Keeping concerns about Crow Island Woods in mind, as well as apprehensions about Duke Child’s Field, underground storage has taken on a new significance, and discussions with the Board Presidents of WPD and NTTHS have been encouraging. Both bodies have indicated a desire to work with the Village on its stormwater detention goals.
Trustee Rintz explained that during recent discussions, the magnitude of permit fees has become apparent, and fees for tree replacement alone could exceed the cost of the entire CCFPD project. It is clear that Strand’s Final Concept Vision requires modifications and tradeoffs to accommodate the reality of the permit fees, which are established by Ordinance, and cannot be waived. The Village desires to minimize the area impacted by construction in order to reduce the cost of implementation, and thereby create more room in the budget for fees and permits. An outcome of this negotiation process is that the CCFPD project is becoming more environmentally sensitive overall, leaving more of the area in its natural state.
Trustee Rintz continued that the Village wishes to maintain the Strand Concept Vision parameter of a 100-year storm protection level, to ensure Winnetka residents are being properly served. Next steps are to continue the dialog with the CCFPD, get their reaction to some big-picture options that Strand is currently developing, and if there is concurrence on Strand’s direction, to move forward with a draft Memorandum of Understanding for Council discussion. The goal is to arrive at a concept that doesn’t adversely impact Crow Island Woods and the NTTHS sport field, creating a win-win project that will receive broad support from the community.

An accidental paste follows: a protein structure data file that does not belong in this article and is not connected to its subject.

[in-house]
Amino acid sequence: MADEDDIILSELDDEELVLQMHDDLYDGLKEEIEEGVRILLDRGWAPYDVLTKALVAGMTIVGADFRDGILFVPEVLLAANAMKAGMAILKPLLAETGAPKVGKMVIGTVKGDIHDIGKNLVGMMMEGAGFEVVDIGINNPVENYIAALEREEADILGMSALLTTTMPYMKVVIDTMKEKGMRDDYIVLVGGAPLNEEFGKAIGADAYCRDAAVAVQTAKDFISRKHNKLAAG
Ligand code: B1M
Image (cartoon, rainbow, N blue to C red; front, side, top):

October 13, 2016: Village Engineer and Public Works Director Steve Saunders explained that Strand Associates has completed an Early Action Study for the Stormwater Final Concept Vision presented in June. An alternate phasing plan has also been completed, which allows for parallel coordination of projects while the Village works to procure an agreement with the Cook County Forest Preserve District (CCFPD) for a detention project on CCFPD property.
Mike Waldron, Strand Associates Project Manager, said the Early Action Study revealed little effective relief can be provided in the watershed south of Willow Road until the necessary storage is secured. However, there are a couple of early action opportunities for the watershed north of Willow Road. If storage is provided under Duke Childs Field, the “tree streets” would experience significant relief for storms up to 10-year magnitude. Relief from larger storms would again be contingent upon providing storage. He also identified two areas for a pilot project in so-called “mitigation zones” which would still be at risk of flooding even with full implementation of the Final Concept Vision.